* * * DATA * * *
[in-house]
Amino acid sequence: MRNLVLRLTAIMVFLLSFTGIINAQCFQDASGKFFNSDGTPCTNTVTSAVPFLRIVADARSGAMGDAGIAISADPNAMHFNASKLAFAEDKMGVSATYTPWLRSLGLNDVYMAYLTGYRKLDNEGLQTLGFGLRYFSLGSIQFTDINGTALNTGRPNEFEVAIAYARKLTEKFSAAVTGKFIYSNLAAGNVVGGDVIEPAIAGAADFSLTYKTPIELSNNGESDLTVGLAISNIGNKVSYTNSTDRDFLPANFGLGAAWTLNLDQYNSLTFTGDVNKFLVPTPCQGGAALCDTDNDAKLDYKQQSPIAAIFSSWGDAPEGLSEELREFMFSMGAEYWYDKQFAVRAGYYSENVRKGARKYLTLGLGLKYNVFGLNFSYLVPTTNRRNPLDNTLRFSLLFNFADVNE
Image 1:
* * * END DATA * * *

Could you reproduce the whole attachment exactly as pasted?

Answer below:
[in-house]
Amino acid sequence: MRNLVLRLTAIMVFLLSFTGIINAQCFQDASGKFFNSDGTPCTNTVTSAVPFLRIVADARSGAMGDAGIAISADPNAMHFNASKLAFAEDKMGVSATYTPWLRSLGLNDVYMAYLTGYRKLDNEGLQTLGFGLRYFSLGSIQFTDINGTALNTGRPNEFEVAIAYARKLTEKFSAAVTGKFIYSNLAAGNVVGGDVIEPAIAGAADFSLTYKTPIELSNNGESDLTVGLAISNIGNKVSYTNSTDRDFLPANFGLGAAWTLNLDQYNSLTFTGDVNKFLVPTPCQGGAALCDTDNDAKLDYKQQSPIAAIFSSWGDAPEGLSEELREFMFSMGAEYWYDKQFAVRAGYYSENVRKGARKYLTLGLGLKYNVFGLNFSYLVPTTNRRNPLDNTLRFSLLFNFADVNE
Image 1: